I'll be giving a guest lecture in a grade 12 calculus class. I'm going to give them an introduction to machine learning, and go through some of the math involved in training an adaline. It would be helpful to have some simple examples of problems that could be solved with such a technique.

Give an example, either practical or fun, of a binary decision that depends on one or two real valued variables.

For example, an email filter might mark as spam a message which contains the words nigerian and prince.

  • $\begingroup$ (Sorry, but I couldn't resist.) Point out that the (Arnold) Terminator in the 1991 movie Terminator 2 said "My CPU is a neural net processor; a learning computer", and then discuss the relevance of the Terminator later saying "Hasta la vista, baby". $\endgroup$ Commented Jun 10, 2014 at 16:06
  • $\begingroup$ Of interest: Neural Networks and Deep Learning In self learning I found this to be the best and simplest one to get started. $\endgroup$
    – Guy Coder
    Commented Nov 24, 2016 at 20:31

3 Answers 3


I'm not sure that neural network is the best example of machine learning, or that spam filters are good example of neural network usage. In particular, a decision that depends on "one or two real valued variables" seem neither practical nor fun. You can easily create a more sophisticated network, but there are still some issues.

Discrete things like "contains words $X$" cause problems because you would need to have a separate input for each (common) word indicating if it is in the message. If you insist, you can find some info about spam filter networks in this question.

Also neural networks are good only in some range of applications, and so it happens that humans are also quite good in number of them (guess why...), so that neural network machine learning doesn't seem that impressive (e.g. random forests give nice results and are easy to understand, while Bayes-based classifiers may have some educational advantage).

That being said, I would recommend anything based on pattern matching, e.g.

  • approximating a function, a visualization how the network learns is often engaging, there are tons of examples online;
  • character recognition (simple OCR), the simplest feature set is take a random set of short lines, if you would like to use something closer to human visual system, you can use Gabor stimuli;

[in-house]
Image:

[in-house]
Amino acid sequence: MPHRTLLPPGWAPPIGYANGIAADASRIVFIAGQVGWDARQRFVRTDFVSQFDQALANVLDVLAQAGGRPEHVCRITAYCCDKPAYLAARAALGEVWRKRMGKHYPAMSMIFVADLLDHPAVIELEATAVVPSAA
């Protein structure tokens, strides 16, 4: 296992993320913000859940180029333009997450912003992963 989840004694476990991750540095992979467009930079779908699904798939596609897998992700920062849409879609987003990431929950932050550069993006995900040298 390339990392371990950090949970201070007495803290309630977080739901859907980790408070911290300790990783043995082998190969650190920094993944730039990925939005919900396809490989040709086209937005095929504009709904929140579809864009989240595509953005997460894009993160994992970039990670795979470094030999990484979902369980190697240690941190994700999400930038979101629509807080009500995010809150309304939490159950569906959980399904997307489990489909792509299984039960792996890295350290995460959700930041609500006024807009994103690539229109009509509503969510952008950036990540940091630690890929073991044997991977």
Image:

• voice recognition, I've never did this, but it seems possible, you could record the voices of your students and then train the network to recognize them, you could also try to guess the gender of the speaker (e.g. based on the histogram).

Also, to indicate how the neural networks works, you could do some weird things, like guessing the color of the hair based on voice. Then explain that it's reasonable to suspect there is no correlation between the two things in general (esp. if some girls use hair dye), but the classifier learned the voices of the people in class and approximately who has which color, it would fail on someone out of the training set.

I hope this helps $\ddot\smile$


Let me reiterate Roland's and dtidarek's suggestion to use character recognition, and specifically numeral recognition, as a teaching example. There are three advantages to this example:

  1. It is easy to understand.
  2. It is the basis of zipcode recognition: It is being used every day, implemented in hardware used by the US Postoffice.
  3. There are simulators all over the web to explore performance. E.g., Hinton's.

Here is a seminal paper on the topic that has subsequently been cited more than 1000 times:

LeCun, Yann, Bernhard Boser, John S. Denker, Donnie Henderson, Richard E. Howard, Wayne Hubbard, and Lawrence D. Jackel. "Backpropagation applied to handwritten zip code recognition." Neural Computation 1, no. 4 (1989): 541-551.

     (Part of) Fig. 1.

  • 1
    $\begingroup$ I think this is what I'm going to go with. $\endgroup$
    – Anthony
    Commented Jun 15, 2014 at 0:02

Coursera's Machine Learning Course by Andrew Ng used two examples to motivate the training of neural networks:

  1. Programming of Logic gates, such as AND, OR, XNOR and so on - the latter requires two layers.

  2. Number/character recognition. This was demonstrated with a video from Yann LeCuns NCR for AT&T from the 1990's as well as a programming exercise.


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